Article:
HUNTSVILLE, AL (WAFF) - Military members are more likely to die from suicide back at home than they from combat on the front lines, according to the organization Still Serving Veterans.
Located in downtown Huntsville, the organization is trying to decrease those numbers by helping veterans find jobs and counseling after returning home from a tour.
According to the Department of Veterans Affairs, 22 veterans commit suicide a day, which is one suicide every 65 minutes. The actual number is even higher. The figures were reported by 21 states, representing only 40 percent of the U.S. Population. The two largest states in the country, California and Texas, as well as 27 other states, did not report veteran suicides.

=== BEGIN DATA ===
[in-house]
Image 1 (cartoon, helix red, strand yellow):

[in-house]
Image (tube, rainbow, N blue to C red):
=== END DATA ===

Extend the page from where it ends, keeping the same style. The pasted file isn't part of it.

Shannon Drake, Director of Community Outreach for Still Serving Veterans, said she thinks the reason veteran suicide is so high is because veterans often struggle to find their place in society after serving.
"Mentally and physically, they are just beat," Drake said. "It's hard for them to transition back out, to get that out of their minds and go back to what they consider a so-called 'normal life,' if there is such a thing once you come back from war," Drake said.